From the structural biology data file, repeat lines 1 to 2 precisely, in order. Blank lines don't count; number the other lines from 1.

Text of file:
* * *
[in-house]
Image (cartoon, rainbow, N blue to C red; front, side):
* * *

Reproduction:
[in-house]
Image (cartoon, rainbow, N blue to C red; front, side):